After massacre by militia, Sudan’s civilian forces reject junta’s legitimacy

Amid a reign of terror, the Sudanese Professionals Association called on the international community to recognize it as the sole representative of the people. It also warned of a humanitarian disaster.

June 08, 2019 by Pavan Kulkarni
RSF has been patrolling the deserted streets of Khartoum killing, beating and sexually assaulting anyone who dares to venture out. Photo: Al Jazeera

The Sudanese Professionals Association (SPA) has urged the international community to recognize it as the “sole legitimate representative of the Sudanese people.” The SPA, which led the protests that overthrew former president Omar al-Bashir in April, has been demanding that the Transitional Military Council that succeeded him hand over power to civilian forces.

This comes amid a reign of terror in the country. On June 3, the Rapid Security Forces (RSF), a notorious militia, killed over a hundred, injured more than 700 and raped many men and women while dispersing the main sit-in demonstration in Khartoum. Even as the incidents were condemned around the world, the junta, in an official statement, praised the RSF. The militiamen are not part of the regular armed forces but are led by an army general,  Mohamed Hamdan Dagalo, who is also the TMC’s vice-president.

A statement by the foreign relations committee of the SPA on June 7 alerted the international community that the “full scale of the massacre is still unknown.. The number of casualties is likely to rise given the high number of missing protestors.”

The militiamen who committed the massacre, the statement added, “have taken full control of greater Khartoum and have been terrorising its populations, including through attacks on healthcare professionals, extra judicial killings and rapes.”

To cover up the full scale of the atrocity of June 3, the RSF militiamen dumped the bodies of the protesters they had shot or hacked to death in the Nile, with heavy blocks of cement or bricks tied to their corpses. By June 5, at least 40 bodies had been recovered from the river.

Many protesters are also believed to have died when the tents in which they were hiding were burnt down by the RSF. More bodies may be recovered from the debris, which are all that remain at the protest square.

At least three women and two boys who were raped were later admitted to Royal Care hospital. The Independent quoted a medic as saying that seven female doctors were raped as retribution for treating the injured while Radio Dabanga claimed to have accessed information regarding a similar sexual assault on a minor.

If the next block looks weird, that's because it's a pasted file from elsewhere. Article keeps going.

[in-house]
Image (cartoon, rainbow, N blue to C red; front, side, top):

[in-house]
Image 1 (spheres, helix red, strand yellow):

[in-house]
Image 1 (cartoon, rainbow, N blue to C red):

Since the massacre, the RSF has been patrolling the deserted streets of the capital city – killing, beating and sexually assaulting anyone who dares to venture out. At the same time, there are reports that those taking part in the strike called against these atrocities are being killed inside their homes by the militiamen.

ISIS and Boko Haram will exploit the security vacuum: SPA

Amid this reign of terror, some mosques have been using loud-speakers to call on citizens to arm themselves in self-defense. Many of these calls are being given in the name of the SPA. The SPA, however, sent an audio statement deeming such calls the work of ‘agent provocateurs’.

Urging the citizens to not heed such calls, the SPA said on June 5, “The regular forces, most of all the police, are tasked with protecting civilians. So please turn to them in case of an emergency.. Never buy weapons yourselves.”

In a separate statement addressing the international community, SPA’s foreign relations committee said, “Given Sudan’s porous borders and the dedication of the security forces to the brutal repression of civilians, we have reason to believe that illegal trafficking of both weapons and humans as well as illegal migration will dramatically increase. More ominously, terrorist groups such as ISIS and Boko Haram will likely exploit the security vacuum and set a stronghold in Sudan.”

While calling on international actors to help prevent a “major humanitarian disaster, particularly as food and medical supplies” are running short, the SPA also urged foreign powers to respect the country’s sovereignty and refrain from undertaking any action that might lead to a military intervention.

The UN has “temporarily” withdrawn a large portion of its staff from the country citing their security as a concern. After an emergency meeting in Ethiopia on June 6, the African Union (AU) suspended Sudan’s membership.

The following day, Ethiopian prime minister Abiy Ahmed flew to Khartoum, offering to mediate. While he met the president of the TMC, general Adel Fattah Al Burhan, the protest leaders refused to meet him at the presidential palace. A separate meeting was held at the Ethiopian embassy, where he met representatives of the Declaration of Freedom and Change (DFCF), which includes a number of political parties and the SPA.

Here, the protest leaders told him that the negotiations with the TMC could resume only if it accepted the responsibility for the massacre, withdrew the RSF from the streets, disbanded the militia and handed over its weapons to the regular armed forces.

The formation of an international committee to investigate the crimes, release of all political prisoners and the lifting of the press and internet blockade were the other demands of the civilian forces, journalist Yousra Elbagir tweeted, citing sources in the DFCF.

Two leaders who were part of this meeting in the embassy were subsequently arrested. One of them, Mohamed Esmat, a prominent DFCF leader, was arrested soon after the meeting. The other was Ismail Jalab, a leader of the Sudan People’s Liberation Movement-North (SPLM-N), who was arrested from his residence on June 8. “We don’t know where they are being held”, an aide of Jalab told AFP.

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